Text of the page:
Why is that, when the Sigma 24 Art for Sony E mount can be had for just $850? Because, the Sony is that much better, both optically and (more importantly, to many) in terms of autofocus reliability, and overall durability and longevity.
To be frank, the Sigma 24mm f/1.4 Art has an issue with optical de-centering or other misalignments, which can lead to extremely soft edges. Also, even if you do take very good care of it, you might still have issues with autofocus reliability.
If you want a Sigma Art Prime that compares well optically to the Sony 24 GM, you’ll have to check out the much more recent 28mm f/1.4 Art, which (surprise surprise) …is about $1400. It’s also a massive lens, as far as 24/28mm’s go.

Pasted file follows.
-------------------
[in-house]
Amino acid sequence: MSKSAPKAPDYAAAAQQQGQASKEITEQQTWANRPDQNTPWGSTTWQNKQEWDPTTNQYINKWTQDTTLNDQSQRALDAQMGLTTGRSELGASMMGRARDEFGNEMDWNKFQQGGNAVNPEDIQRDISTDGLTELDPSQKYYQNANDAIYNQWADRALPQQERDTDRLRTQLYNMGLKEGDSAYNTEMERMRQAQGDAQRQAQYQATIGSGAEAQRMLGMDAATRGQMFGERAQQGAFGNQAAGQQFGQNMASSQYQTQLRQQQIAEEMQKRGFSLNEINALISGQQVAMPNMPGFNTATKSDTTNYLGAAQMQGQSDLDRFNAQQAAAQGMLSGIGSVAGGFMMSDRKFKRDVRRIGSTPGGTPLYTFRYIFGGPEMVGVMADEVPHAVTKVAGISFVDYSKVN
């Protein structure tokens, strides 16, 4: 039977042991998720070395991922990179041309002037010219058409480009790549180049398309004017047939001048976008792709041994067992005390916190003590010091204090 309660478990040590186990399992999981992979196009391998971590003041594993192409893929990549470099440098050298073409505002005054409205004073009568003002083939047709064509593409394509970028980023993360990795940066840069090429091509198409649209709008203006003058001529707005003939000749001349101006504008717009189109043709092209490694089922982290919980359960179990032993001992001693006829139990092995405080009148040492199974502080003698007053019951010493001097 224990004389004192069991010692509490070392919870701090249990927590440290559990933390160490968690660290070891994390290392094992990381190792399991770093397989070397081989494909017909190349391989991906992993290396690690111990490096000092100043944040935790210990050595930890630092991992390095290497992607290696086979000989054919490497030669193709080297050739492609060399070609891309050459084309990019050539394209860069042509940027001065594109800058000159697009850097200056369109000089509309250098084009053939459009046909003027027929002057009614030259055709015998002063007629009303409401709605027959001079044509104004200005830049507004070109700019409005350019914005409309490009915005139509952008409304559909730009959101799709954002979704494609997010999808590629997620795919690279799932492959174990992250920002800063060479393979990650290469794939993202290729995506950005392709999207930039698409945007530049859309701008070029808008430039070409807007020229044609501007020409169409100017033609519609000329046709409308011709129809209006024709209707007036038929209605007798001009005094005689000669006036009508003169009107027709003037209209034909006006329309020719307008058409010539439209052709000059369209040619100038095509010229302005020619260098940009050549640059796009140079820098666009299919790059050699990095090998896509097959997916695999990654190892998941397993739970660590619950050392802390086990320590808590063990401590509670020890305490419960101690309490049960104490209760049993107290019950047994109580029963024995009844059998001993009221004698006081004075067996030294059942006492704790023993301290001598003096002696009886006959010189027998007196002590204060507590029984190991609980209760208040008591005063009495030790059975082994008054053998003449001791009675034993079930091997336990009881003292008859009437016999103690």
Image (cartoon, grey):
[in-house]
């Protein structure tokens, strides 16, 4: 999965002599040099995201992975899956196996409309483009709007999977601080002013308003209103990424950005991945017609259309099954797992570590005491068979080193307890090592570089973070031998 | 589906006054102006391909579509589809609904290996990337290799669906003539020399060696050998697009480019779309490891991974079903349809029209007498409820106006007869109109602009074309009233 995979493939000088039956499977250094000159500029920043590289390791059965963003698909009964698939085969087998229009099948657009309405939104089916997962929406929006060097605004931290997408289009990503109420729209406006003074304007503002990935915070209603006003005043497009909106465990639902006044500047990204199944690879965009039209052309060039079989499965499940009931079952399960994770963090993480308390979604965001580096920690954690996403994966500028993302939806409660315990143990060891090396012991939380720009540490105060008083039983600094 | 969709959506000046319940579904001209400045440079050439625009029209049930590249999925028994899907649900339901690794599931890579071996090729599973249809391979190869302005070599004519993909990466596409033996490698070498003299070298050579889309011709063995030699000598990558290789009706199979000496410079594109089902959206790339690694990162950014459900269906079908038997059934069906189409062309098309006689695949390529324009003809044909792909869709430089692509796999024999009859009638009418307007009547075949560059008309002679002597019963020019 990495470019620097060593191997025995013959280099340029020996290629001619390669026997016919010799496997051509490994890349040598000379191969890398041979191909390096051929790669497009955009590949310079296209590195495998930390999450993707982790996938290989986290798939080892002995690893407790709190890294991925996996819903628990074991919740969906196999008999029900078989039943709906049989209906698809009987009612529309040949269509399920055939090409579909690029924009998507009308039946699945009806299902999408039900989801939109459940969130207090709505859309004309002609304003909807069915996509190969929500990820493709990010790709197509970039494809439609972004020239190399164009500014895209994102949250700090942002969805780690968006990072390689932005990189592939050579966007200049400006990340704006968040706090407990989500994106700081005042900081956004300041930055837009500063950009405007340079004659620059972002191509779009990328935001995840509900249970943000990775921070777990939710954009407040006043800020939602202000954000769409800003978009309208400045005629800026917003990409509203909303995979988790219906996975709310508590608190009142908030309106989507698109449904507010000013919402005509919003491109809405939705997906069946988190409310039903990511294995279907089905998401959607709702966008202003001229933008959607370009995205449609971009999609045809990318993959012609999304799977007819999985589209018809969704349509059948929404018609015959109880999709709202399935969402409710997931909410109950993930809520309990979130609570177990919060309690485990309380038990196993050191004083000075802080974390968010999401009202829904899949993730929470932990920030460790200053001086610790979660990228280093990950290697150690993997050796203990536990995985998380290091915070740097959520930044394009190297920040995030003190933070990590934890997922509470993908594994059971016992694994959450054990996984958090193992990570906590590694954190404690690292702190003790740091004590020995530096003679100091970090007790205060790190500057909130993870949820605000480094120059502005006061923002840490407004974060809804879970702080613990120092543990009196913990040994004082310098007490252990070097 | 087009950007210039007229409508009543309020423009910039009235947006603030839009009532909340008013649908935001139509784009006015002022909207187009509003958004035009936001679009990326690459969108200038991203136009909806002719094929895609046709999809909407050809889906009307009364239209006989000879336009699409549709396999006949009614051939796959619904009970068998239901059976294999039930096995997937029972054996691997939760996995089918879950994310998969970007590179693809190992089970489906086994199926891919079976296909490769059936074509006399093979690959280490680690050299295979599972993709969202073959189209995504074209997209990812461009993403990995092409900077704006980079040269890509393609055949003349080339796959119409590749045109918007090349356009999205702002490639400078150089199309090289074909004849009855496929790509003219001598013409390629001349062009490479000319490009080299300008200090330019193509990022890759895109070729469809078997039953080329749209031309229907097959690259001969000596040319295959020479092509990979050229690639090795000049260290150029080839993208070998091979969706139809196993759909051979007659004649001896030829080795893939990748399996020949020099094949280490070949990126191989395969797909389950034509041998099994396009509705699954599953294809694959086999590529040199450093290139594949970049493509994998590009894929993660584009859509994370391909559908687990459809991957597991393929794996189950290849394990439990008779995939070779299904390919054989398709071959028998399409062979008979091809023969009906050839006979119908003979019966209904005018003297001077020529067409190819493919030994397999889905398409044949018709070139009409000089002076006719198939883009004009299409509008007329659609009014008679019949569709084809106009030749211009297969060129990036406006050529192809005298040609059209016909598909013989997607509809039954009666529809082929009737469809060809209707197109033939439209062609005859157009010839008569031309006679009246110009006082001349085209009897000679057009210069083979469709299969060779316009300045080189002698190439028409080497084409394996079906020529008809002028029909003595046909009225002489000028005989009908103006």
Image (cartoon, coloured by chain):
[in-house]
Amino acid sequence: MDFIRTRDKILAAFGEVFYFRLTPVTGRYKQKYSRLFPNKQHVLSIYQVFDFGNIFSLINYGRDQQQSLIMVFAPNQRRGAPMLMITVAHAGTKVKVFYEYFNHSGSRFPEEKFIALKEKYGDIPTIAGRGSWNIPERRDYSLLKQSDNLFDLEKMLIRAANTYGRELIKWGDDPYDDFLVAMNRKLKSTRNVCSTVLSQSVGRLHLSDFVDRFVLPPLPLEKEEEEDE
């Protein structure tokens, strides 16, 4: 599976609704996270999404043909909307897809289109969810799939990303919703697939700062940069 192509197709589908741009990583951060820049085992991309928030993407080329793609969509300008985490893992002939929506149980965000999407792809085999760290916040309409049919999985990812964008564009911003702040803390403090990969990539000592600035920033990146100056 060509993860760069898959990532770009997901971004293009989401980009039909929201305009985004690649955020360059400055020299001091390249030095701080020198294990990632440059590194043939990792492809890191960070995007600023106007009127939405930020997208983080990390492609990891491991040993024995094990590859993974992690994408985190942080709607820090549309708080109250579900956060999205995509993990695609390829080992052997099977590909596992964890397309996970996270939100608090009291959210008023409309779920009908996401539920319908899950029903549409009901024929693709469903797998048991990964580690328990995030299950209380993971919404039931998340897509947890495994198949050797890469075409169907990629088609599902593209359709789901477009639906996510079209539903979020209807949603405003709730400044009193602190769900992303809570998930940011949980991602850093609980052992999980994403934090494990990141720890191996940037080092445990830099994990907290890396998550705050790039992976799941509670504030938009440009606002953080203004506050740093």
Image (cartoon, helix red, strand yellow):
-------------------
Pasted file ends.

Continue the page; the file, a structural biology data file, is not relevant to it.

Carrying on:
Sony 24mm f/1.4 GM Lens Review – Cons
I’m only including this category because “Pros and Cons” go together. Really, there are no cons worth mentioning that concern most photographers.
Sony has hit a home run with this lens, and really the only thing I can say that might stop you from buying this lens is this: I can’t wait to see if Sony makes a killer 20mm f/1.8 or f/1.4 GM! If such a lens were to exist, I might have a harder time deciding which lens to buy.
Other than that, the only drawback that I can think of is related to how the lens handles manual focusing when photographing astro-landscapes. The manual focus precision is great on the 24 GM, indeed, however, the all-electronic interface does still have some drawbacks compared to an all-manual (physical/mechanical) focusing experience.